WASHINGTON DC – Congresswoman Katherine Clark (MA-5), Vice Chair of the House Democratic Caucus, joined the Congressional Black Caucus as an original co-sponsor of the Justice in Policing Act, historic new legislation introduced today to address systemic racism in police departments across the country, hold officers accountable to the communities they serve, and end police brutality in America.
“This past week, millions of people marched together across America and around the world with one unifying message: Black lives matter. Acknowledgement and empathy are necessary steps our society must take to confront systemic racism, but much more will be required of us to bring about real systemic change,” said Congresswoman Clark.
“For centuries, our policing laws and practices have traumatized Black communities and shielded law enforcement from accountability. We must change the policies at the root of these racial inequities so that every mom and spouse has the same assumption of safety for their family that I have for mine. We must finally let equality, not privilege, lead the way. I’m proud to support this historic legislation to end the neglect and put our nation on the path toward justice,’ said the Congresswoman.
The Justice in Policing Act of 2020:
- Prohibits federal, state, and local law enforcement from racial, religious and discriminatory profiling, and mandates training on racial, religious, and discriminatory profiling for all law enforcement.
- Bans chokeholds, carotid holds and no-knock warrants at the federal level and limits the transfer of military-grade equipment to state and local law enforcement.
- Mandates the use of dashboard cameras and body cameras for federal offices and requires state and local law enforcement to use existing federal funds to ensure the use of police body cameras.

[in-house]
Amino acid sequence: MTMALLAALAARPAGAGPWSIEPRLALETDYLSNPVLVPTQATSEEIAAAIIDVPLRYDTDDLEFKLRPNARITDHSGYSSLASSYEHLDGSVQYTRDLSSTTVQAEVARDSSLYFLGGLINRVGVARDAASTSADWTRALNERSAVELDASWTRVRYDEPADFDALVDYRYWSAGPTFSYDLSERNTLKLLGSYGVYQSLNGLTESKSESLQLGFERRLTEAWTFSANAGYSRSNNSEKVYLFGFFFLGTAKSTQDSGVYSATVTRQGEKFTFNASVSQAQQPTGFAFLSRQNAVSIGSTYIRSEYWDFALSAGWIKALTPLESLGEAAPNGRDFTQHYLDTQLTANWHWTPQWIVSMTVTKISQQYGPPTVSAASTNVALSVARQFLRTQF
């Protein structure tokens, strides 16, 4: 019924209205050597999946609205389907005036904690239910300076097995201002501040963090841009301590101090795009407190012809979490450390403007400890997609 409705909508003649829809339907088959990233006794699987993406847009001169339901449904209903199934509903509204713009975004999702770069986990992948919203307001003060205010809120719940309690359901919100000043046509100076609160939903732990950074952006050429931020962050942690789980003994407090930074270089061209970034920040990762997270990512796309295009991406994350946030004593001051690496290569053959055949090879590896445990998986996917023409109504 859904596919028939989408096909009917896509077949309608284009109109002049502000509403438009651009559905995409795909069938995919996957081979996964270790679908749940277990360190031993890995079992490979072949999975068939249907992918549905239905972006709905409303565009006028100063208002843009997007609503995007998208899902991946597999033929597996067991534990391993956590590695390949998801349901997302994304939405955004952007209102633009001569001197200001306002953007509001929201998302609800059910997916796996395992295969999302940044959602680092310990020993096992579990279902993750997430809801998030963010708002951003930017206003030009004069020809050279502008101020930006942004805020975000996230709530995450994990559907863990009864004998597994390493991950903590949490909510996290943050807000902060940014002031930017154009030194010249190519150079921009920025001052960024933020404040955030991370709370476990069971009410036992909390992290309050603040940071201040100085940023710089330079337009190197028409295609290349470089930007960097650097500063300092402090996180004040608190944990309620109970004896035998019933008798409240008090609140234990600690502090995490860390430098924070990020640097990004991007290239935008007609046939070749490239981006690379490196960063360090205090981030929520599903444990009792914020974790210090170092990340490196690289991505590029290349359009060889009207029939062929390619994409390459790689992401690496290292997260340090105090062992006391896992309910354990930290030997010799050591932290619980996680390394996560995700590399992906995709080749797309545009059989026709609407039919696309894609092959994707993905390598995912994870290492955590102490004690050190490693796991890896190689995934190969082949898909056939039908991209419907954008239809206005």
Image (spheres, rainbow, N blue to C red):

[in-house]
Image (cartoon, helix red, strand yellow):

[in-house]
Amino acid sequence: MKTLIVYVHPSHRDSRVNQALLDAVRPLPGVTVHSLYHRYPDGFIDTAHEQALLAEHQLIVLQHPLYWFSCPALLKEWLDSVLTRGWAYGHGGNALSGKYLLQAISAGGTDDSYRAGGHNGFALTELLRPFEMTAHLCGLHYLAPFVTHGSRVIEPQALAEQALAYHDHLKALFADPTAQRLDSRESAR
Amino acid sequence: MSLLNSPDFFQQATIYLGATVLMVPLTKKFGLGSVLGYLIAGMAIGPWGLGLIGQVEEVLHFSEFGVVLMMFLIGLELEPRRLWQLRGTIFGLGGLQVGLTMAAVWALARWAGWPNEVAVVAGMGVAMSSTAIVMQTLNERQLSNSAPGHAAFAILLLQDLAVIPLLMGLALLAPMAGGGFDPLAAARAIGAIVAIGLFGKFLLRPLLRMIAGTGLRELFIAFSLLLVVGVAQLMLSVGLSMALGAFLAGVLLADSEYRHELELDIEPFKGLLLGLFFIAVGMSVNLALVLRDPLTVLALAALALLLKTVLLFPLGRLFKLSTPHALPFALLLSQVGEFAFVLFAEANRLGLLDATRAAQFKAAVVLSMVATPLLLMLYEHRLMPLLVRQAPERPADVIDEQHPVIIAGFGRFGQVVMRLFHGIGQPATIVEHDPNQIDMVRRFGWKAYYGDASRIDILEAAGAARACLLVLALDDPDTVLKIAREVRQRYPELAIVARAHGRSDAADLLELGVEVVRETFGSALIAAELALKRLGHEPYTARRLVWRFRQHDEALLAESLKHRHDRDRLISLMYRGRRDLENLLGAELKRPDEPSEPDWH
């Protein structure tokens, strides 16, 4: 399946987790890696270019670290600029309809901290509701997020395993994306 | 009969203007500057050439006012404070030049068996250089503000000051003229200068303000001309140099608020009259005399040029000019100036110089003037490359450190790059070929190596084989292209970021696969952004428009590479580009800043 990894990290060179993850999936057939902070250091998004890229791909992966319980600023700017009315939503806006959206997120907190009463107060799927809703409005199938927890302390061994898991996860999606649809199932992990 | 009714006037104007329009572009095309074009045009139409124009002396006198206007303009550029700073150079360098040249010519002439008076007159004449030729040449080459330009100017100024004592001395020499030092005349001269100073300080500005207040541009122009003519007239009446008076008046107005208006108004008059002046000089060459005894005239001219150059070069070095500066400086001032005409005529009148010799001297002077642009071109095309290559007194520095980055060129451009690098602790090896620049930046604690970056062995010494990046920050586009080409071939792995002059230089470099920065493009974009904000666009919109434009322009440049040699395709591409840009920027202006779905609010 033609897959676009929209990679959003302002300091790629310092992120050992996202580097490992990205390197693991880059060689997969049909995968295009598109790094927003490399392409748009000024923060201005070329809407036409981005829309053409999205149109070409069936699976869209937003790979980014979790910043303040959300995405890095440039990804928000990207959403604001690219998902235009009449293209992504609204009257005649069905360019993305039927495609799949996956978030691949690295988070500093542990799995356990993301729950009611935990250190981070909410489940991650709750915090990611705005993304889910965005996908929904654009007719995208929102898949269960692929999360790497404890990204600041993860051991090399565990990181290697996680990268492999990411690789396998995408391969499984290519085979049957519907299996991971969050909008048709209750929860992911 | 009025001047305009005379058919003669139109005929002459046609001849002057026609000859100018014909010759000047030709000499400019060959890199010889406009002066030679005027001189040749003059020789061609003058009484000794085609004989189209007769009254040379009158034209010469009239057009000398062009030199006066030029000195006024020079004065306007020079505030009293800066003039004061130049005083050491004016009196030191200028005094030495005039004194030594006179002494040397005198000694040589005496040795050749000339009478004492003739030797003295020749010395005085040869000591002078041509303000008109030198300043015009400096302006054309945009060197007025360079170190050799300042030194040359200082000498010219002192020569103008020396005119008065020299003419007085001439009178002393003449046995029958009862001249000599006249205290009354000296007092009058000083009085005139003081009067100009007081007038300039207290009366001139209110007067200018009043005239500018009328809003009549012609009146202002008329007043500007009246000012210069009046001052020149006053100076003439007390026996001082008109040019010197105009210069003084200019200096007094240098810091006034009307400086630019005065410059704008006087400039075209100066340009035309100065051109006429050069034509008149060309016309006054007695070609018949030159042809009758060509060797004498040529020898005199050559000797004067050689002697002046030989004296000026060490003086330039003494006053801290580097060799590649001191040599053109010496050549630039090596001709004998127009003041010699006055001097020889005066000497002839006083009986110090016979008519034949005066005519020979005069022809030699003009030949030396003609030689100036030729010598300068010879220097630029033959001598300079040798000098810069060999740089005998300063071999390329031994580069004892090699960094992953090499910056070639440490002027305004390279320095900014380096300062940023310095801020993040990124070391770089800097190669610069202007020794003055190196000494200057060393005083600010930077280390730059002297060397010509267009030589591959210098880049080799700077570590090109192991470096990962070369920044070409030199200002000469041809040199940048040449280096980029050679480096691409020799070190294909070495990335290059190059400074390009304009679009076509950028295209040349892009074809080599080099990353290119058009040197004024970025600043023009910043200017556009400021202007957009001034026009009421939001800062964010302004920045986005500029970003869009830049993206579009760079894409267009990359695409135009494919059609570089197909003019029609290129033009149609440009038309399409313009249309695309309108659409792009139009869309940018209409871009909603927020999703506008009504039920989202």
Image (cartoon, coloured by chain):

- Establishes a National Police Misconduct Registry to prevent problematic officers who are fired or leave on agency from moving to another jurisdiction without any accountability.
- Amends federal criminal statute from “willfulness” to a “recklessness” standard to successfully identify and prosecute police misconduct.
- Reforms qualified immunity so that individuals are not barred from recovering damages when police violate their constitutional rights.
- Establishes public safety innovation grants for community-based organizations to create local commissions and task forces to help communities to re-imagine and develop concrete, just and equitable public safety approaches.
- Creates law enforcement development and training programs to develop best practices and requires the creation of law enforcement accreditation standard recommendations based on President Obama’s Taskforce on 21st Century policing.
- Requires state and local law enforcement agencies to report use of force data, disaggregated by race, sex, disability, religion, age.
- Improves the use of pattern and practice investigations at the federal level by granting the Department of Justice Civil Rights Division subpoena power and creates a grant program for state attorneys general to develop authority to conduct independent investigations into problematic police departments.
- Establishes a Department of Justice task force to coordinate the investigation, prosecution and enforcement efforts of federal, state and local governments in cases related to law enforcement misconduct.
Original story here.